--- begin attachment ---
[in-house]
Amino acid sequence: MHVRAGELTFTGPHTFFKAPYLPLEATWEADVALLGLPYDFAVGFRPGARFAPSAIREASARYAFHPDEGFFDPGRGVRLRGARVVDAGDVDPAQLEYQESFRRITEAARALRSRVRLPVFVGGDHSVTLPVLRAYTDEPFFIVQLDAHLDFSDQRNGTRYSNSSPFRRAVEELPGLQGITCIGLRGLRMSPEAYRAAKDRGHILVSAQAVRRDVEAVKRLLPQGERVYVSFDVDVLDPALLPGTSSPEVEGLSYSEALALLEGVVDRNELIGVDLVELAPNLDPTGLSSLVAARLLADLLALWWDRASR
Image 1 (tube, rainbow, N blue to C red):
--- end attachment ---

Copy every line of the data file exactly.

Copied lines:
[in-house]
Amino acid sequence: MHVRAGELTFTGPHTFFKAPYLPLEATWEADVALLGLPYDFAVGFRPGARFAPSAIREASARYAFHPDEGFFDPGRGVRLRGARVVDAGDVDPAQLEYQESFRRITEAARALRSRVRLPVFVGGDHSVTLPVLRAYTDEPFFIVQLDAHLDFSDQRNGTRYSNSSPFRRAVEELPGLQGITCIGLRGLRMSPEAYRAAKDRGHILVSAQAVRRDVEAVKRLLPQGERVYVSFDVDVLDPALLPGTSSPEVEGLSYSEALALLEGVVDRNELIGVDLVELAPNLDPTGLSSLVAARLLADLLALWWDRASR
Image 1 (tube, rainbow, N blue to C red):